CSIAM GDC Symposium on Geometric Computing



CSIAM GDC Symposium on Geometric Computing is the premier venue for disseminating new research ideas and cutting-edge results in geometric design, processing and computing. In this symposium, concepts from mathematics and computer science are studied and applied to offer new insights and design efficient algorithms for acquisition, modeling, analysis, manipulation, simulation, fabrication and other types of processing of 3D models and shape collections.

The symposium is organized by Prof. Ligang Liu of the GCL lab (http://gcl.ustc.edu.cn) and will be held at USTC on June 11, 2024. We will invite three distinguished international researchers, including Denis Zorin from New York University, USA, Justin Solomon from MIT, USA, and Eitan Grinspun from University of Toronto, Canada, and seven young researchers from USTC GCL to give talks at this symposium, covering topics including conformal parameterizations, developable approximation, subdivision surfaces, 3D reconstruction, Delaunay triangulation, spectral segmentation, computational fabrication, mechanical systems, and digital human. For non-USTC participants, please fill in the registration form and send it to us by June 9, 2024.

  • Date: Tuesday, June 11, 2024

  • Venue: Room 5101, East Campus, USTC


Sessions Speaker Affiliation Title
09:00-09:10Session 1Ligang LiuUSTCOpening
09:10-10:00Denis ZorinNew York UniversityDifferential physical simulation for computational fabrication
10:00-10:20Coffee break
10:20-10:50Session 2Xin LiUSTCNon-uniform subdivision: recent development
10:50-11:20Juyong ZhangUSTCRigid and Non-rigid Registration for 3D Reconstruction
11:20-11:50Renjie ChenUSTCParallel 3D Delaunay Triangulation
12:00-14:00Lunch & break
14:00-14:50Session 3Justin SolomonMITAlternative Function Representations for Geometry Processing
14:50-15:20Xiao-Ming FuUSTCPiecewise Developable Approximations for Triangular Meshes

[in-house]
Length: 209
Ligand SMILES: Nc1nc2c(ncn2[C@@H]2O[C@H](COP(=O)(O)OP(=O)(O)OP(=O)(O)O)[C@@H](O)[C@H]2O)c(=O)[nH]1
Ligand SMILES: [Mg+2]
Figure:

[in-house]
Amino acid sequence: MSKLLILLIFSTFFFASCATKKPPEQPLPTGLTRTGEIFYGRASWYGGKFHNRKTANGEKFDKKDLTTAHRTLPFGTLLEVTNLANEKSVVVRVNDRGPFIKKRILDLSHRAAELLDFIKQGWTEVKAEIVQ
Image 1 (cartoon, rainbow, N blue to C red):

15:20-15:50Qing FangUSTCGenerating Sparse Cone Singularities for Conformal Parameterizations
15:50-16:10Coffee break
16:10-17:00Session 4Eiten GrinspunThe University of TorontoAdventures in Discretization of Mechanical Systems
17:00-17:30Weihua TongUSTCA Spectral Segmentation Method for Large Meshes
17:30-18:00Yudong GuoUSTCEfficient Digital Human Modeling with Generative Priors
18:00-18:05Ligang LiuUSTCClosing

Speakers and Talks

  • Title: Differentiable physical simulation for computational fabrication

  • Speaker: Denis Zorin, New York University, USA

  • Abstract: Differentiable physical solvers along with the solution of a problem, compute gradients of an objective or a set of objectives with respect to the simulation parameters. This type of solvers can be used for efficient optimization in many contexts. In this talk, I will describe our work on developing a general differentiable solver for time-dependent deformation problems with contact and friction. Our approach uses a finite element discretization with a high-order time integrator coupled with the recently proposed incremental potential contact method for handling contact and friction forces to solve PDE-constrained optimization problems on scenes with a complex geometry, and support gradients with respect to almost all physical parameters involved in the physical problem description: shape, material parameters, friction parameters, and initial conditions. Our formulation is very efficient, with typical additional cost for gradient computation of less than 10% of the simulation itself. One of the important applications of differentiable simulation is engineering design, computational fabrication in particular. I will describe several applications including designing lattice structures with target material properties, friction-based assembly optimization, and pneumatic actuators in robotics.